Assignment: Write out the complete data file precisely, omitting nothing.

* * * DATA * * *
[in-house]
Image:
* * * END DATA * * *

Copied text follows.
[in-house]
Image: